He said: 'The judge said that the [MPTS] tribunal looked at all the issues. It looked in detail about systemic failures, how to support Hadiza, how to get her back to training - they looked at everything - so they could not understand why she should not be back on the GMC register.' 

He added that the verdict will promote a 'good culture where everybody can reflect on the things that go wrong and try to learn from their errors, not blame each other for that'.

Dr Bawa-Gaba's appeal case

Dr Bawa-Garba was struck off the medical register after the High Court ruled in favour of the GMC in the case against its own fitness-to-practise tribunal in January this year.

James Laddie, the QC representing Dr Bawa-Garba, claimed at her appeal hearing last month that there were ‘systemic failings which contributed to the environment in which Dr Bawa-Garba came to make the mistakes which led us to this court’.

Dr Bawa-Garba had originally diagnosed Jack Adcock with gastroenteritis and failed to spot from blood tests that Jack had sepsis, or review chest X-rays that indicated he had a chest infection.

Following the initial High Court ruling, which caused an uproar from the medical profession, the Government has announced its intention to strip the GMC of the power to appeal MPTS decisions. However the GMC has said it will continue until legislation changes.



Related images

  • High Court - legal - Royal Courts of Justice - RF

Readers' comments (59)

  • Great news! I hope Dr Bawa-Garba can continue with her career.

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  • A disgrace that crowd funding was needed to get this outcome which was obvious to anyone reading through the facts of the case.

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  • It's good news and bad news. Good that the GMC's own Tribunal is proved right. Bad news that Bawa-Garba still carries a criminal record for manslaughter! Yes - I know what that the case was not about quashing the criminal conviction. The point is that the people who set up Bawa-Garba have gotten away scot-free! This is ridiculous!!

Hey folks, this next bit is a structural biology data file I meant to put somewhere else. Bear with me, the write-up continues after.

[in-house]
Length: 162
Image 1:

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  • as mentioned by some above:

    1) so many others have suffered the same fate-at least thousands of Drs and Nurses. The problem is ,as this case has demonstrated( and dr day's) ,that you have so many bodies that can inflict damage on you -Hospital trusts,deaneries,GMC,civil courts,criminal courts etc that its hard to know where to start.

    2) what no one is talking about is that if Dr Bawa Garba had lost this appeal what would have happened to her immigration status.Presumably in addition to losing her professional identity she would have been stripped of right to stay,had her passport marked,been rendered stateless and homeless,denied access to the very healthcare system she served and then finally been deported.

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  • From here on in, anyone who turns up for work where staffing numbers are not full and at least adequate should simply walk away as we are being potentially criminalised for doing our best in man made cuts, shortages, unsafe working etc. I remember the 72hrs of covering 6 wards on your own, afraid to ring the boss, registrar not available and being bleeped every 5 mins, here today only by good fortune or luck?
    . Now BMA grow a pair and support your Drs and as a GP safe working limits are also needed, we are not machines and no one is out there defending us (other than ourselves). Why are govt only interested in A&E? why do they not want to know how much we are all doing each day? Let's not let this tragic case not result in addressing the hell we are all having to work in. That way no other poor families will need to suffer due to human's trying their best in the mess of known but unaddressed system failures.

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  • Well done. I am very happy with the decision . Hadiza should be compensated for every thing she lost.
    Thanks to all those who helped with crowdfunding

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  • What wonderful news for her. Next stop - overturn her original conviction of manslaughter?

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  • This is the correct outcome, I feel so sorry for this doctor to have had to go this process to gain some semblance of british justice
    My belief in the British judicial system has been dealt a major boost, conversely, my belief in the gmc has been severely compromised